Friday, August 29, 2008

Big Misconceptions about Small Businesses and Taxes

Another great piece by the Center on Budget and Policy Priorities.
Many of the roughly 650,000 filers with small-business income who face one of the top two tax rates are merely passive investors who have nothing to do with running the business. This is because the Tax Policy Center data cited above use the Treasury Department’s relatively broad definition of “small business.” Under the Treasury definition, for example, the $84 of income President Bush received in 2001 from a passive investment in an oil and gas company[7] made him a “small-business owner.” About 35 percent of “small-business owners” with incomes above $200,000, and about 58 percent of “small-business owners” with incomes over $1 million, received some or all of their business income in the form of passive investments. The Treasury definition also counts as “small-business income” the fees that CEOs are paid for sitting on corporate boards.

In short, few small businesses see any benefit from reductions in the top two income tax rates. The imagined impact on small businesses is a poor justification for extending the current top two rates, which would increase the deficit by $450 billion over the next ten years. …

Furthermore, the small-business estates that do owe estate tax generally pay a very small percentage of their value in tax. The 740 small-business estates that will pay any estate tax from deaths in 2008 will pay an average rate of just 8 percent, which is less than half of the 17.9 percent average rate that taxable estates overall will pay this year.[11]

There are two main reasons why. First, since small-business estates tend to have a smaller gross value than other estates,[12] the fact that the first $2 million of any estate is entirely exempt from estate tax ($4 million for a couple) generally protects a greater percentage of the value of small-business estates than it does for other estates.[13] Second, a number of special estate tax provisions targeted to small-business estates allow them to reduce significantly the amount of tax they pay.[14]

As in the debate about the top marginal income tax rates, concerns about small businesses under the estate tax are unwarranted.

Eliminating Tax Breaks for Hedge-Fund Managers Would Not Harm Small Businesses

Finally, critics have charged that a proposal the House passed this summer to no longer allow private equity fund managers with multi-million-dollar incomes to pay tax at lower marginal rates than most middle-income Americans would “hurt small businesses.” This claim, too, is incorrect.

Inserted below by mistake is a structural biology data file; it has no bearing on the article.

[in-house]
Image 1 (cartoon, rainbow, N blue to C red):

Currently, executives who manage investment funds are able to receive a portion of their compensation in the form of “carried interest” (i.e., a share of the profits of the investment fund) and pay tax on it at the capital gains tax rate, which is typically much lower than their marginal income tax rate. Such preferential treatment for carried interest compensation is difficult to justify. While these executives’ compensation is calculated as a percentage of profits, they cannot accurately be viewed as earning shares of the profit of the investment fund, since they have not contributed any capital to the fund.

The House proposal would require carried interest compensation to be taxed at the recipient’s marginal individual income tax rate. This is a reasonable proposal to eliminate an inefficient and inequitable loophole. Furthermore, the proposal would use the $31 billion that closing this loophole would save over the next decade to help prevent millions more taxpayers from becoming subject to the Alternative Minimum Tax.

One response to this proposal has been the familiar but baseless refrain that the proposal “could affect countless ‘mom and pop’ businesses along Main Street, U.S.A.”[16] However, taxing carried interest in the same way as ordinary income would only affect individuals who provide investment management services and are paid in the form of carried interest. It would have no effect on small-business proprietors or individuals starting up small businesses, except for people who set up and run investment management firms. Indeed, when the director of Congress’s Joint Committee on Taxation was asked about the provision’s impact on “mom and pop” operations, he jokingly replied, “mom and pop private equity firms?”

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